The dearth of Oscar nominations for “Selma” — especially the omissions of director Ava DuVernay and star David Oyelowo — were a hot topic of discussion at the National Association for the Advancement of Colored People (NAACP) Image Awards Nominees’ Luncheon on Saturday at the Beverly Hilton.
Henry Sanders, who plays Cager Lee in the film, said the cast and crew had higher hopes, but appreciated the nominations the film did receive.
“I was a little bummed,” Sanders admitted. “I felt that Ava and David should’ve been nominated. Again, we’re all grateful that we got a best picture nomination, and [that] Common’s song has been nominated again.”
Many attendees at the awards luncheon noted that the snub of the critically praised film (documenting one of the most important moments in the Civil Rights Movement) was a reminder of the lack of opportunities for minorities in Hollywood.
“I’m not as upset as everybody else,” said Chris Spencer, creator of BET’s “Real Husbands of Hollywood.” “Before we get mad at the Oscar nominations, we have to have more vehicles to be nominated… Yes, I think ‘Selma’ got snubbed, but many films got snubbed. But listen, f— the Oscars. We have the Image Awards. I think we get too hung up on the trophy. It’s a trophy,” he reiterated.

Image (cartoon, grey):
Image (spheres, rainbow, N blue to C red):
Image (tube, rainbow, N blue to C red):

NAACP President Cornell William Brooks echoed Spencer’s sentiment, emphasizing that the “Selma” snubs reinforce the importance of the Image Awards in celebrating people of color in entertainment.
“While I’m perplexed by the lack of diversity (in Oscar nominations), I’m excited and exhilarated by our celebration of diversity,” Brooks said. “Because here’s an undeniable fact: We have tremendous talent, tremendous artistry within communities of color. It cannot be denied. We’re not going to allow any awards show or any particular competition to overshadow what we’re celebrating here today.”
“Showbiz Tonight” correspondent Nischelle Turner and “The Wedding Ringer” co-star Affion Crockett co-hosted the luncheon, which included a live performance from Liv Warfield, a member of Prince’s New Power Generation.
(Pictured: Nischelle Turner and Affion Crockett at the NAACP Image Awards)